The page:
Bill Bailey on the happiness of silence

Bill Bailey / 30 December 2016

Why a need for silence, or an absence of intrusive clamour, spawned an industry.

Looking out over the wilds of North Devon from a house near Exmoor, I often experience something that is a reliable source of happiness: silence. And when I say silence, I mean an absence of intrusive clamour.

No traffic, no overflying aircraft, very few people. No phone chirruping – the capricious mobile reception has put paid to that.

There are some gentle sounds, of course. The hawthorn bushes sieving the wind, the air-rush of swallows as they zip in and out of the gap in the woodshed. The gurgling of the dishwasher. The dog dreaming. I don’t count these as intrusive though.

It always takes me a little while to readjust to this relative calm. I am used to the city soundscape of distant trains, radios, clattering skip-lorries, buzzing motorbikes, the occasional unsettling shriek of laughter mingled with fragments of conversations and TV burble. I can sleep through all this urban racket. But mute the constant hum of the fridge (an F sharp) with a tripped fuse and I’m wide awake with a start. The silence is a deafening reminder of something I don’t even notice till it’s gone.

It’s true that the modern world with all its distractions and devices has also turned up the volume in public. Decibel levels in many New York restaurants are around 90db, which is equivalent to a pneumatic drill. Compared with, say, a tea room I once visited in the Cotswolds where I could hear the lettuce expanding in my BLT.

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To meet the demands of those who are seeking a bit of hush in their daily lives, there’s a growing ‘silence’ industry.

There are silent book-reading clubs. Don’t we have these already, aren’t they called… book clubs? Not a fan of small talk? Try a silent dinner party. The word ‘party’ might be pushing it and I think I’d struggle to know where to look. Talking while maintaining eye contact is good manners. Just eating and maintaining eye contact would be more like bovine gawping.

I’ve yet to try a silent dinner. Although it was pretty quiet one Christmas after the cats had gnawed at the uncooked turkey.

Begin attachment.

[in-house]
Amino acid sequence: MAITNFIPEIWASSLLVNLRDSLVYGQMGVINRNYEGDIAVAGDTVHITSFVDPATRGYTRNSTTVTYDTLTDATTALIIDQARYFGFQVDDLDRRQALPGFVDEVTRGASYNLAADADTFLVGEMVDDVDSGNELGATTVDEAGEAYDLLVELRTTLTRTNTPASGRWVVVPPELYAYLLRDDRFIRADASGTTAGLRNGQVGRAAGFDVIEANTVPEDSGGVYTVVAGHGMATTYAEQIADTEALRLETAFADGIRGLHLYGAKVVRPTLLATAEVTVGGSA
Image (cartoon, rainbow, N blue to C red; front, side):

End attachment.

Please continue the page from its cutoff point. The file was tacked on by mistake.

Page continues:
A recent documentary film In Pursuit of Silence claims that silence can be good for our physical and mental health. In a way that being on a train next to someone whose phone has a bagpipe ringtone is not.

I tried out a flotation tank once. The idea, I was told, was that the absence of sound and light combined with weightlessness would create a relaxing experience. In fact, it might even clear my mind of troublesome thoughts, jet-wash the blocked guttering of my subconscious, so to speak.

As I clambered into this dark cabinet of salt-water, I was a bit apprehensive. Would I get claustrophobic and start hammering on the lid to be let out after 20 seconds? Lying in my tomb like an aquatic vampire, the warm water offering buoyancy and comfort, I started to laugh at the oddity of it. I was gently bumping the sides like a reluctant narrow boat in a lock, and it was utterly marvellous.

An hour had passed, in what had felt like minutes. The effect was a wonderful mind-trick. I felt the deep relaxation of a long soak, but the perception was I’d had a quick dip, leaving me energised. This time-telescoping was extraordinary, magic.

As the world seems to rush onwards ever quicker, the stillness of silence, and its uncanny ability to alter time, is ever more precious.

As Aldous Huxley said, ‘After silence, that which comes nearest to expressing the inexpressible is music’.

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